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Why do we need infinitesimally small charge in definition of electric field? Since the test charge cannot exert force on itself, F on test charge will not change whatever the value of test charge q is. So, F/q will be same for any value of test charge. Then why do we need this limit of infinitesimally small charge?

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Ideally, test charge should not affect the charge distribution of the source. An infinitesimal charge will ensure, for example, that the electric field it produces does not redistribute charges on any conductors in your system. A large test charge would polarize nearby objects, thus affecting the field you're trying to measure in the first place.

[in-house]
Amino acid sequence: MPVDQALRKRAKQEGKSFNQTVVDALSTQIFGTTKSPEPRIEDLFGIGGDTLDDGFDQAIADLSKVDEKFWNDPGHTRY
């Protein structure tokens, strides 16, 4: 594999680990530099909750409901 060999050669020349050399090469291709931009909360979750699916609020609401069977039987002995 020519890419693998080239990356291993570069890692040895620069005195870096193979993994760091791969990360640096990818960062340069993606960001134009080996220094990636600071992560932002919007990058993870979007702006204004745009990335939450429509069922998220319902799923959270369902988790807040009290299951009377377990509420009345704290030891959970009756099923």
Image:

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  • $\begingroup$ This is the answer! An infinitesimal probe-charge is meant to not modify the field. $\endgroup$ – Sofia Jan 20 '15 at 17:17

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